Daniel:  Thank you!  I appreciate the identification (I’ve spent fruitless hours looking at images), and I really appreciate the quick reply.   And I’m glad you agree it’s beautiful.
All best, Margaret

What's That Bug? does not endorse extermination

Subject: identify bug
Location: cuernavaca, morelos, mexico
February 2, 2017 10:42 pm
Hello bugman,
I am a biology teacher in Mexico and my kids found this bug. I am pretty sure it will turn into a butterfly or a moth, ad would like to identify it to make a case kid my students. Please help!
Thank you
Signature: Teacher Nadine

Parasitized Caterpillar

Dear Teacher Nadine,
We are not certain if this is a Brushfooted Butterfly Caterpillar in the family Nymphalidae or an early instar Giant Silkmoth Caterpillar in the family Saturniidae, but we can tell you for certain it will not turn into either a butterfly or a moth as it has been attacked by a Parasitic Wasp that laid eggs upon it.  The eggs hatched and the larval wasps feed on the internal organs, then emerged and pupated on the Caterpillar’s body.  The wasp pupae are the white rice-like objects visible in your images.  This caterpillar will die before reaching maturity.  We will attempt to get a more definitive caterpillar identification from Keith Wolfe.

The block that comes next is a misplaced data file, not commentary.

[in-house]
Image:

Parasitized Caterpillar

Keith Wolfe Responds
Dear Teacher Nadine and Professor Bugman,
Yes, this is an unfortunate immature saturniid, POSSIBLY in the genus Hylesia (sorry, moth caterpillars are not my forte).
Best wishes,
Keith

What's That Bug? does not endorse extermination

Subject: parasitoid wasp
Location: Cochise County, AZ
August 1, 2016 10:15 am